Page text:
The Has Been, The Dancer, The Invader


Dahlia the African Queen kicked off her heels and sat at the bar with the guys. Kemp looked her over, sipping a yellowish fizzy drink. She asked, “Gin?”

He said, “Ginger Ale.”


Kemp gave her a stare as if she should know the answer already. Then he stared at the bartender until she noticed.  He said, “Something real this time. I forfeit.”

Rudy said, “That means you owe me one. I’ll take a gin an tonic on his tab.”

“Go ahead.”

They hammered down a few doubles before Dahlia wove her skinny hold around Kemp’s thick tree limb of an arm. Her nose rubbed his earlobe, her words breathy. The barefoot queen led him away from the bar. The drinks imbued him with what blood could not, and he stumbled out of her rhythm, an ex-cop, an out of practice human, once a husband, now a has-been. The lights darted, the strip bar the inside of a spinning top like the tilt-o-whirl he used to ride on with Mary in their twenties during the Soenoh summer festival. This was no festival. Two women licked half-folded dollar bills and stuck them to their nipples. The men spread their legs extra far apart, their bids in their fists.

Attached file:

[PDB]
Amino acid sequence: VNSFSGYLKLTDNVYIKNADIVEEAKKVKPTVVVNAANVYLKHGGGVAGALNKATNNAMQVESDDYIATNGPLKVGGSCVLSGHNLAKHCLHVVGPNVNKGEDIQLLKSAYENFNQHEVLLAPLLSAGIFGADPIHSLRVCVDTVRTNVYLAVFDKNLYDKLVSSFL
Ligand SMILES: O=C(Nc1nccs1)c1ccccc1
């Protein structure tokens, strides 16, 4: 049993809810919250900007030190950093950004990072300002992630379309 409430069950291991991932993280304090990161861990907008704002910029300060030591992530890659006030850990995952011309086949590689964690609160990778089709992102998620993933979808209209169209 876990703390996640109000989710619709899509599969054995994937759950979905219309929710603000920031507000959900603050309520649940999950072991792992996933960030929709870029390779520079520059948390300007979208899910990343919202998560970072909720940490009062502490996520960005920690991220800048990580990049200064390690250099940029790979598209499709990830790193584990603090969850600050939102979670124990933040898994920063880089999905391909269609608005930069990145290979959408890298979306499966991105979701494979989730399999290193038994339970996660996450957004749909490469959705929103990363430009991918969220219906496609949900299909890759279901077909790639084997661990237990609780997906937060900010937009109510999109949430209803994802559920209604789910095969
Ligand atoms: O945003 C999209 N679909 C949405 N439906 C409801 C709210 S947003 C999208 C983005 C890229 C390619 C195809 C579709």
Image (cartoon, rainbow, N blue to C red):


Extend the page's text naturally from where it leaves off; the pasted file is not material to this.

Kemp dropped into the private cushioned booth. She removed his leather jacket and pushed her palms against his chest wall, fingers latched over his mountainous shoulders. Her knees straddled his thighs.

This is okay? Yea, good.

A kiss to his prickly jaw. Another kiss to the neck, a soft bite, teeth tugging on his skin. Her bare skin smelled acrid as nail polish, earthy as wet petals. The silent beats between the song’s pounding percussion seemed to follow her lead.

You don’t need to cry. I don’t like to cry. You can smell my hair.

She undid her black bun. It bounced and unraveled. She guided his hand to her slender neck, warm even under such calloused hands. She flattened her nose into his, lips just atoms apart, her unsaid words and air feeding into his sad mouth.